How to boost wellbeing and sustainability when working remotely
Working or studying at home? Now is a great time to show both yourself and the planet some love. Read our top tips for boosting your wellbeing while reducing your environmental impacts.
By Meg McGrath, Communications Coordinator in the Department for Social Responsibility and Sustainability at the University of Edinburgh
Spending all day at home can be tough. Tougher still if you have work deadlines to meet, exams to prepare for, and perhaps even children or elderly relatives to care for. It’s a stressful time for many.
Yet this time at home can bring a welcome break from tiresome routines and social obligations that sap our energy and finances. By spending more time with ourselves (if you are able to get a few moments on your own!), social distancing gives us a chance to reflect on who we are right now, what really matters to us, and what brings us a sense of contentment.
The links between personal wellbeing, environmental sustainability and social responsibility are strong and well documented. For example, green spaces in cities give people a chance to improve their physical and mental health, while also improving biodiversity and encouraging social interaction. Studies have also shown that the longer you spend in green spaces, the more likely you are to participate in actions that are good for the planet.
If being more sustainable is something you’d always hoped you’d get around to doing, now is a great time to consider it. Here are our top tips for sustainable actions you can take today that will also improve your wellbeing while at home.
1. Embrace online working
There are lots of environmental benefits to working and studying from home: no commute = no emissions, and collaborating online means less printing and less travelling to meetings. Pause to think about this and realise you’ve likely reduced your carbon footprint already. While adapting to online working can be quite stressful, over time it gets easier. Take time to celebrate the changes you’ve made: you’re more adaptable than you think.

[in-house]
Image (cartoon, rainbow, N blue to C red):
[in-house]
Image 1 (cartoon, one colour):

2. Food for thought
Fuelling yourself with whole foods will help boost your mood and energise you for your days at home. Now Spring is here, there are also more opportunities for foraging foods whilst on one of your daily walks. Wild garlic pesto from Blackford Hill, anyone? There are also many places you can buy local and organic vegetables, such as East Coast Organics or items in bulk from New Leaf Coop that will benefit both you and the planet.
Why not use this time to try growing your own food? You can either buy seeds or try regrowing veg from scraps you already have. Join the ‘Edinburgh seed, plant and garden share’ group on Facebook for advice.
Now popping out to your local café for a sandwich for lunch isn’t really an option anymore, more of us are making food from home. Which also means, more potential for food waste.
Here are our top tips for avoiding this:
Plan your meals in advance. By doing this, you can ensure the food you buy is only what you need, and that it will be eaten. If you are doing a larger shop, (but ensure you’re only buying what you truly need so others can have access to goods too!) try and stock up on long life items, like tinned veg, or dried grains so they won’t have gone off when you go to eat them later in the week.